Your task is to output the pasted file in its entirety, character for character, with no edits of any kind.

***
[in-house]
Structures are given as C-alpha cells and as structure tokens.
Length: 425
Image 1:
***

[in-house]
Structures are given as C-alpha cells and as structure tokens.
Length: 425
Image 1: